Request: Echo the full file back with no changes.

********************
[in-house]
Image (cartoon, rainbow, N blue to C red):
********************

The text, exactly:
[in-house]
Image (cartoon, rainbow, N blue to C red):